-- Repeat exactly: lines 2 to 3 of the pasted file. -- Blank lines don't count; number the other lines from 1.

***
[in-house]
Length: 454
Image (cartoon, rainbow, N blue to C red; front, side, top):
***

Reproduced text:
Length: 454
Image (cartoon, rainbow, N blue to C red; front, side, top):